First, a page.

The S100A4 protein is a 101 amino acid calcium binding protein. It belongs to the S100 (soluble in 100% ammonium sulfate) family of proteins, the first members of which were isolated from bovine brain.39 To date, 16 members sharing various degrees of amino acid sequence identity make up the S100 family of proteins. They contain two calcium binding sites with a helix–loop–helix structure (EF hands). As is the case with other S100 proteins, the N-terminal EF hand site of S100A4 is composed of a 14 residue calcium binding loop with a high number of basic residues, whereas the C-terminal EF hand of S100A4 encompasses a canonical 12 amino acid loop including several acidic residues (fig 2) (see Smith and Shaw40 and Nelson and Chazin41 for reviews). The two EF hand motifs have different affinities for calcium and the S100 proteins are generally thought to modulate the propagation of calcium signals via their ability to bind calcium.

“The physical interaction of CCN3 and S100A4 now extends the range of interactions of the CCN family of cell growth regulators, whose role in controlling fundamental aspects of cell survival and multiplication is becoming increasingly important”

In normal conditions, the expression of S100A4 is rather ubiquitous. It has been detected in a variety of developing mesodermal embryonic tissues during mouse development and was proposed to be involved in mesenchymal–epithelial interactions.42 The S100A4 protein has also been detected in bovine retina,43 human developing and adult central nervous system,44 platelets,45 and heart,46 at sites where CCN3 and other CCN proteins have also been reported to be expressed.

A variety of target proteins, including p53, S100A1, non-muscle tropomyosin, non-muscle myosin heavy chain, F actin, liprin β1, and methionine aminopeptidase 2 were found to interact with S100A4.47–52 Whether the variety of targets is a reflection of different biological properties and modes of action remains unclear.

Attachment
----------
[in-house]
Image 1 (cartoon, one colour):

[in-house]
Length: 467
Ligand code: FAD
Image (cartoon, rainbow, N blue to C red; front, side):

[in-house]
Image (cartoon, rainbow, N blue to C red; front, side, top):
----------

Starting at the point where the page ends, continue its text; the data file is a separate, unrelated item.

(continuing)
Take home messages

  • The S100A4 calcium binding protein was identified as a partner of CCN3, which may partly explain the association of CCN3 with carcinogenesis and its pattern of expression in normal conditions

  • The addition of CCN3 and CCN2 to glioblastoma and neuroblastoma cells caused a pronounced but transient increase of intracellular calcium, originating from both the entry of extracellular calcium and the mobilisation of intracellular stores, so that voltage independent calcium channels might be of considerable importance for the regulation by CCN3 of the calcium flux associated with cell growth control, motility, and spreading

  • These observations assign for the first time a biological function to the CCN3 protein and indicate a broader role for the CCN proteins in calcium ion signalling

The physical interaction of CCN3 and S100A4 now extends the range of interactions to the CCN family of cell growth regulators, whose role in controlling fundamental aspects of cell survival and multiplication is becoming increasingly important. This interaction raises a question regarding their biological site of interaction. S100A4 has been described as essentially a cytoplasmic protein; however, there is evidence for the existence of extracellular S100A4. For example, S100A4 was secreted by bovine aortic smooth muscle cells, rat embryo fibroblasts 3Y1, and periodontalm ligament cells in culture.52–54 Furthermore, S100A4 binds to the 36 kDa extracellular matrix microfibril associated glycoprotein. The CCN3 proteins have been detected in extracellular matrix, in conditioned cell culture medium, in the cytoplasm, and in the nucleus.11–13,17 Whether the interaction of CCN3 and S100A4 takes place within the cell, in the extracellular matrix, or in both regions, remains to be established.